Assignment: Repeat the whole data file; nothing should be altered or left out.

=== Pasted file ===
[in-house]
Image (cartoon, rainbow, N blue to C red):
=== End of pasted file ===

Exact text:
[in-house]
Image (cartoon, rainbow, N blue to C red):